In February 1993, CCR, joined by the International Women’s Human Rights Law Clinic of CUNY Law School and the International League for Human Rights, sued the self-proclaimed leader of the Bosnian Serbs, Radovan Karadzic, for war crimes, genocide, torture, and other violations of international human rights standards.
This case has received considerable attention, as it builds upon an interna tional movement to force recognition of women’s rights as human rights, and to incorporate protections against violence against women into the international human rights framework.
The class action lawsuit filed in theU.S. District Court, Southern District of New York, relies on the precedent estab lished in Filartiga v. Pefia-Irala (seep. 11). Karadzic was served with iegal papers when he was in New York City.
The named plaintiffs are two anony mous women citizens of Bosnia Herzegovina. Jane Doe I alleges that she was raped by at least eight Bosnian-Serb soldiers while in custody in a detention camp. Jane Doe witnessed the rape and murder of her mother by two Bosnian-Serb soldiers. The two women filed the suit anonymously out of fear for their safety. They represent all women and men who have suffered rape, summary execution, other torture or cruel, inhuman or degrading treatment inflicted by Bosnian-Serb military forces undel Karadzic’s command and control betweer April 1992 and the present.
In May 1993, Karadzic’s U.S. attorneys asked the court to dismiss the suit, claiming that he is immune from prosecution because he was in the U.S. to participate in U.N.-sponsored negotiations. CCR maintained that neither the U.N. nor the U.S. government recognize such an immunity, and that international law requires that human rights abusers such as Karadzic be held accountable. The judge’s decision is pending.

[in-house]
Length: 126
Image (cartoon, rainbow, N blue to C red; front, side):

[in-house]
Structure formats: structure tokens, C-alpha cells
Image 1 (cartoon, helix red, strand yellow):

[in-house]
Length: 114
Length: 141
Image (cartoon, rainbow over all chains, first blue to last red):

In the mean time, the issue of rape as torture has been raised by women’s groups all over the world, particularly by the international caucus of women’s NGOs (non-governmental organizations) at the June 1993 U.N. Conference on Human Rights in Vienna.After participating in this caucus, CCR attorneys travelled to Zagreb, Croatia, and Belgrade, Yugoslavia, where they met with refugees, U.N. relief workers, and with activists in femi nist and peace organizations, a tiny embattled community who are organiz ing around the principle of “justice, not revenge.” Croatian feminists have been vilified as “witches” by the Croatian press because they have condemned the rape of women by Croatian as well as Serbian forces. Serbian peace activists have been arrested and beaten.
After participating in this caucus, CCR attorneys travelled to Zagreb, Croatia, and Belgrade, Yugoslavia, where they met with refugees, U.N. relief workers, and with activists in femi nist and peace organizations, a tiny embattled community who are organizing around the principle of “justice, not revenge.” Croatian feminists have been vilified as “witches” by the Croatian press because they have condemned the rape of women by Croatian as well as Serbian forces. Serbian peace activists have been arrested and beaten.
Nevertheless, Women in Black, a feminist, non-nationalist peace organization continues to demonstrate weekly in Belgrade.
‘Iwo amicus curiae, or friend of the court, briefs have been filed urging the court not to dismiss Doe v. Karadzic. One was submitted by Human Rights Watch and prepared by the law firm of Debevoise Plimpton, while the second was prepared by the law firm of Patton, Boggs & Blow for the International Human Rights Law Group. Amici include women’s groups in Portugal, Croatia, Denmark, Germany, Belgium, Bosnia, England, Pakistan, and the U.S.
Beth Stephens, Matthew Chachere, Jennifer M. Green, Peter Weiss, Michael Ratner, Jose Luis Morin, Jules Lobel and Ray Brescia, with Rhonda Copelan and Celina Romany, International Women’s Human Rights Clinic at CUNY Law School; and Judith Levin, International League for Human Rights